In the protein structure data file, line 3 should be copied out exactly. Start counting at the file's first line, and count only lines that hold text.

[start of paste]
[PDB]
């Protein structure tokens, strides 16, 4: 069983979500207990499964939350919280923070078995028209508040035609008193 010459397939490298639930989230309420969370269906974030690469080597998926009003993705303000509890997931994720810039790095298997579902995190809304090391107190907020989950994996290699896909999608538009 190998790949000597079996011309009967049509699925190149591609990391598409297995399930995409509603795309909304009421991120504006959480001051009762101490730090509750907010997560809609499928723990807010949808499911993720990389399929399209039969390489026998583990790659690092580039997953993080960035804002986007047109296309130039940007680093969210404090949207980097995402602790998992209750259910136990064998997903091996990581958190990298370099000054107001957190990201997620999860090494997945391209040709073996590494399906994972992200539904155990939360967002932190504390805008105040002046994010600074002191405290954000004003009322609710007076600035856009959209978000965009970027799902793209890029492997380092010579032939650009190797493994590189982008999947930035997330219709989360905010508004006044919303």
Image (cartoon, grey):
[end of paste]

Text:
Image (cartoon, grey):